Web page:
Reviewing the Cardinals' Draft -- Rounds 21-35

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Just a little ways further, everyone: We're almost through the draft entire. Getting a little thin on info on some of these picks, though the more interesting ones tend to have something floating around in their backgrounds that not only make them intriguing draftees, but also make it much easier to find out what their stories are. 

A selection of scouting reports for your enjoyment and edification await you beyond the mythical webpage borderland known as The Jump. 

Oh, and also, please don't take it as a slight to any of these young draftees if I fail to mention them. Chances are I couldn't find enough information to say anything useful, or just couldn't formulate an actual opinion either way. I'm sure they're all lovely boys.

By the way, if you didn't read that last sentence in the voice of Paul Lynde, go back and do so now. In fact, just read everything I write from now on in the voice of Paul Lynde. 

Round 21, 650 Overall -- Christopher Kirsch, LHP, Lackawanna College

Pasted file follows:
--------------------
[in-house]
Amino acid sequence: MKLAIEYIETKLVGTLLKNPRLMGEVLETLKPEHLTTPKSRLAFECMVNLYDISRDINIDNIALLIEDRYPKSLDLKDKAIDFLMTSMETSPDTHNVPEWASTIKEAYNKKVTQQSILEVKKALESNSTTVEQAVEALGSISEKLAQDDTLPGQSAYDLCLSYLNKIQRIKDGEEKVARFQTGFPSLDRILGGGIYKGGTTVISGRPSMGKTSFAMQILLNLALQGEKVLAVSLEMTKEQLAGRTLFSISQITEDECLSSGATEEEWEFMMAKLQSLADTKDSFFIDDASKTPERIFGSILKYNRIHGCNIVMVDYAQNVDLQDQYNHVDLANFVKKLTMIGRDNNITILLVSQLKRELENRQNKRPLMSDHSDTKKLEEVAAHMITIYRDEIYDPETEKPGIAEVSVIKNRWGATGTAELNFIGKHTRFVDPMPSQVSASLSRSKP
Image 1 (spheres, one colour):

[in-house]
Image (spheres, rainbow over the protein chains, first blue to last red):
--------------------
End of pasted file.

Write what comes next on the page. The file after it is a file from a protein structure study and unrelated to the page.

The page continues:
Would it be overly bold of me to suggest I think Chris Kirsch might be the cherry on the Cards' draft sundae? (Again, Paul Lynde. Also, hooray for foreign language jokes!) 

Anyhow, Kirsch is actually a remarkably intriguing talent for this point in the draft. He was selected by the Pirates out of high school in the 13th round last year, but they didn't meet what he was hoping to get for a bonus, so he went to junior college for a season and reentered the draft this year. I remember checking on him a bit last year, when he bolted out of nowhere in the spring as a big helium guy. No one knew who he was entering his senior year of high school, but by the time the draft rolled around he was somewhat of a hot commodity.